Nursing Student From Hell

    For all of you suggesting she wasn't interested in L&D, you are incorrect. She chose L&D and wanted to be hired on our floor after this rotation. I am a new grad CNM and am finishing my time as a bedside L&D RN, she is not being asked to do anything advanced or beyond the basics. Mostly vitals, head to toe assessments, electronic fetal monitoring, IV starts, foleys, and repositioning as well as some patient eduction and medication education with my direct supervision. She has observed all of this for the first half of her clinical with some guided participation and voiced confidence in each portion before she was asked to do it independently. I am always in the room with her for her to ask questions. For an IV, she gets one poke. If she doesn't get it I take over, same rules I use with all my students. I have been in communication with her faculty about my concerns and we did have a meeting in which Alice tried to blame me for not making her feel welcome and for "pushing her too hard." Her faculty member literally told her that what I was asking of her was the basics and that she could have been asked to do more. Alice was told last night that she failed her practicuum and would have to repeat it with another preceptor and in another area. I have never seen such a tantrum thrown by an adult before. I know for sure now that all my suspicions were true about Alice. She skated by in group clinical as never drawing attention to herself. I pity her future patients and hope no one I love ever comes into her care if she ever becomes a full fledged RN. At least I know that I did not take part in passing her along.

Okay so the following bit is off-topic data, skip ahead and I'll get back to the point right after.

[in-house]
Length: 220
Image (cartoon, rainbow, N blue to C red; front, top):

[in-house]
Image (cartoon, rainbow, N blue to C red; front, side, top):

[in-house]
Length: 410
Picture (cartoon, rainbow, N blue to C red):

8. DWelly14

    Nursing Student From Hell

    I guess I don't understand what you are saying at all. No patients have been harmed. I have made sure of this. My student is just not performing and needs to be failed. I'm having a hard time with this because it is never easy telling someone that they are not able to do something that they have put so much time and money into (I'm not going to say effort because it does not appear she has put much effort into it). I'm not a heartless jerk who can just casually do that. I know that I need to fail this student because of the behavior I have witnessed. I was hurt by your originial comment which I interpretted that I somehow needed to be evaluated because I was a poor preceptor or teacher. I'm thoroughly confused by your more recent comment and how it applies to my student.
  9. DWelly14

    Nursing Student From Hell

    The school I'm working with it is my call to make as her instructor is not with her during this rotation. I am. I evaluate her and ultimately make the call as to whether she met the criteria to pass her clinical portion of her capstone. She can absolutely fail if she is refusing to perform the duties assigned to her. I honestly wouldn't fail her for anything else but there have bee 4-5 times that I literally have not been able to find her. If this were her job, I would classify that as patient abandonment. That's pretty serious stuff.
  10. DWelly14

    Nursing Student From Hell

    Expectations have been discussed multiple times with her. The biggest issue is that she just laughs it off when you call her out on disappearing. So I'm walking in to go push with the patient and I saw her in an empty room opening a can of bleach wipes (she later told me she was in the bathroom) but I didn't have time to call her because the patient was about the birth. Later when we had a chance to talk and I said "why did charge have to come find you when our patient was complete and pushing?" she laughs and says "oh I was in the bathroom and didn't know where you were. If I had known where you were I would have been there." I was in our room for almost an hour before she finally showed up.
  11. DWelly14

    Nursing Student From Hell